The proposal is for the trial lawyers to represent states in the battle against the food business as they did against tobacco in the 1990s. They will stand ready to bear costs of the litigation, to some extent, but hope to participate in the attorneys’ fees that billions of dollars of recoveries would create. The proposal is questionable because it would rely on a contingency fee agreement, which allows a private firm to do legal work for attorneys general offices in exchange for a cut of the settlement. It’s an increasingly common practice because it allows AG offices to reward the trial bar and tackle expensive litigation without taking as much risk.  The ongoing lead paint litigation followed the tobacco stratagem, for example.  The Chamber of Commerce Institute for Legal Reform objects to these arrangements as “[p]ay-to-play relationships between [plaintiff’s attorneys and attorneys general] that exchange campaign contributions for lucrative government lawsuit contracts mean the food industry has a big target on its back.”

Will children be the focus? Sure!  Consider for a moment that childhood obesity rates remain high. Overall, obesity among our nation’s young people, aged 2 to 19 years, has not changed significantly since 2003-2004 and remains at about 17 percent.  One physician observes that looking at the risk factors for obesity, including poor eating habits and inactivity, provides lots of other people to blame.

1] Kids are less active today because they spend far more time in sedentary activities in front of the TV than any other generation. Perhaps we should blame television and video game producer and the TV networks. 2] Fast food is still a good target, with high calorie and high fat super-sized meals. 3] Drinking a lot of soft drinks and sugary “fruit” drinks are also linked to obesity, so maybe we can blame Coca Cola and Pepsi. 4] Super-sizing portions didn't start at McDonald's. Didn't that all start with the mega drinks or Big Gulps at 7-Eleven? 5] Schools, which allow students to buy snacks and soft drinks from vending machines and don't always require physical education classes, might also be partly to blame. 6] Doctors, who don't do enough to encourage breastfeeding, which can decrease a child's risk of becoming overweight later in life, and who don't educate parents about healthy lifestyles might also be partly to blame. And the list goes on and on.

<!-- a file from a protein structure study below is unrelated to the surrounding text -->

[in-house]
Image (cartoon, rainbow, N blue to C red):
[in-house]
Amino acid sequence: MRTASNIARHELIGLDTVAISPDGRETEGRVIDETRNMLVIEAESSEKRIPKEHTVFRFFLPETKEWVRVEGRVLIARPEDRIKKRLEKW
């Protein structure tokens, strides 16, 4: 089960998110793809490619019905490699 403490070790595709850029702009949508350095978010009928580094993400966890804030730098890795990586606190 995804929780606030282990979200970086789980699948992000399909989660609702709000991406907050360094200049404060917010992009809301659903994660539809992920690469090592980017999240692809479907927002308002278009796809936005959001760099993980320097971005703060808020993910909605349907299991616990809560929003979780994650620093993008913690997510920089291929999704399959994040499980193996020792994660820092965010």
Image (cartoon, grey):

According to a survey of parents by ACNielsen: 1] only 1% of parents blamed manufacturers 2] 7% blamed advertising on TV, etc 3] 9% blamed the child and 4] 10% blamed fast food companies.  Even recently, two thirds of parents blamed themselves. After all, parents are the only ones that have control over all of these things, especially with younger kids. A parent’s role is to guide healthy food choices, both at home and when eating out. Parents can limit TV watching and time spent playing video games, and should encourage kids to be more active. In spite of the obvious behavioral factors, there are many experts who “know better.”  They seek to put the blame on food companies concluding that food marketing is responsible.  The results of many studies addressing links between food marketing and children's preferences, requests, consumption, and adiposity finds that the preponderance of evidence supports their assumptions.

Who is to blame?  A newly released movie “Fed Up” goes so far as to call for the demonization of the snacks industry.  This movie has great credentials: 1] it is narrated by Katie Couric and 2] one of its producers worked on Al Gore’s “An Inconvenient Truth.”  A reviewer of that film observes “Fed Up’s” ultimate, if not fatal, weakness: “The movie seems to acquit consumers of any culpability in our health crisis. There's a reason it's called junk food, and unlike the air we breathe, we pay handsomely to ingest it. And although most of the parents of the kids are also overweight, there's little reflection on parental roles in kids' expanding waistlines.”

For more information on this report or other Judiciary issues, contact Mike Petersen, Senate Republican Office of Policy at 916/651-1501.